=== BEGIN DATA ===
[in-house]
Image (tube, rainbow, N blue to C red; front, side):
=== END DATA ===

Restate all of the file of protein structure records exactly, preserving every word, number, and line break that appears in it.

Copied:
[in-house]
Image (tube, rainbow, N blue to C red; front, side):